The call had come out of the blue from Greece’s Foreign Minister Nicos Kotzias who requested a break of 10 days so that a technical group with representatives of the guarantor powers could address the issues relating to security and guarantees.

In its wake, the already wobbly talks broke off in mid-February, when parliament in the south voted to introduce an annual commemoration in public schools of the January 1950 ‘Enosis’ (union with Greece) referendum. An angered Turkish Cypriot leader Mustafa Akinci said he would not resume negotiations until Greek Cypriots took “corrective action”.
Around the same time, Anastasiades, who rejected Akinci’s demand, also drew a new line in the sand – the issue of the four freedoms in Cyprus for Turkish nationals, which was raised publicly by a Turkish government official.

Cut to April, and Ankara issued the first stinging warning on Cyprus’ upcoming hydrocarbons activities. In the same month Turkey reserved parts of the Cyprus Exclusive Economic Zone (EEZ) for seismic surveys.

On April 2 the two leaders came together for a dinner for the first time since the process stalled in mid-February. They were to subsequently hold four meetings.
In the meantime, one report after another surfaced blaming UN special adviser Espen Barth Eide for siding with the Turkish side – with commentators speculating that this information was being fed to the media directly from Anastasiades’ circles.

All this against a backdrop of whispers that the UN had set July as the cut-off for a breakthrough in the talks. The pressure was on.

In May, Anastasiades unveiled a proposal on discussing security and guarantees first at a new Geneva conference as a means to avoid deadlock. Eide then sprung his manoeuvre, bringing the two leaders together in New York for a meeting with the UN chief Antonio Guterres, on June 4.

There, it was agreed that the Conference on Cyprus would reconvene in Switzerland on June 28 at the political level. Eide would meantime engage with all participants in the preparation of a common document to guide the discussions in Crans-Montana, Switzerland. The document was delivered to the two sides but before the conference even began, issues arose as to its content.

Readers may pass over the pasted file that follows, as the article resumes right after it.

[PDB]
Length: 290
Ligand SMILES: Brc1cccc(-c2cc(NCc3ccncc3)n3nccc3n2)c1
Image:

June 2017: Speculation early in June ahead of the proposed June 28 talks, centered on a text prepared by the United Nations that was to set the tone in Crans-Montana for which the Greek Cypriot side submitted to the UN a significant number of comments and suggestions.

Both sides appeared uncompromising even before the conference began. A common document that President Nicos Anastasiades had made a condition to attend was prepared by UN Special Advisor Espen Barth Eide and included what was recorded at the meetings of technocrats, the positions of each side, as well as the proposal of the UN mainly with regard to the discussion of the chapter of security and guarantees.

The UN had to dismiss as “groundless” reports that it was proposing a new treaty of establishment that would abolish the Republic of Cyprus, while Turkey insisted its guarantee could not be abolished. The ‘common document’ was in the end scrapped by the UN the day before the conference.

Still, with hopes high, the conference began, little knowing that this pre-talks hiccup was just the bog-standard for what was to come over the next ten days and the gigantic failure that lay ahead on the night of July 6, 2017 at the now infamous ‘last supper’ which ended in the early hours of July 7 with UN Secretary-General Antonio Guterres calling it a day during a 3.5-minute news conference at the Swiss resort.

After ten days in Crans-Montana and around 15 hours of non-stop negotiations on ‘Day 9’  involving bilateral, trilateral and group meetings in the presence Guterres, the Conference on Cyprus ended when the tired and downcast UN chief finally called a halt at 2am Swiss time after a four-hour dinner that was marred by yelling and drama. The talks had broken down on the issue of security and guarantees despite the high-level attendance by not only the UN but the guarantor powers Turkey, Greece and Britain, plus the participation during the last day of the EU’s High Representative for Security, Federica Mogherini. Guterres in his brief words said the sides needed time to reflect, signalling the end of any process for the foreseeable future.

The day after the talks ended, Cavusoglu said the failure showed the impossibility of reaching a settlement within the parameters of the UN’s Good Offices Mission and there was “No use in insisting on them”.

At home, man opposition Akel and Diko both criticised the president, the former saying he seemed to have failed to capitalise on the opportunities in Switzerland, while the latter said Anastasiades had made a “huge mistake” by revealing the Greek Cypriot side’s hand and allowing Turkey to gain everything while conceding nothing.

A week later, Anastasiades criticised Eide for lack of preparation and said the envoy, although acting in good faith was “living in an illusion that almost everything was solved”, and was not clearly conveying the messages being received from Ankara.

Two days later, Eide sent a stern message to all sides to quit the blame game, saying Crans-Montana had been a collective failure. “There’s more than enough of that going around, it seems that everybody has the view that everybody but themselves did everything wrong and they were the only one doing it right,” Eide said.

Eide’s view was subsequently reflected in Guterres’ report on September 30, 2017 where he said that despite a positive mood and constructive statements made during the opening day of the Cyprus Conference, real progress quickly became hampered by the reluctance of parties at one table to make compromises unless demonstrated progress had been made at the other table, and vice versa.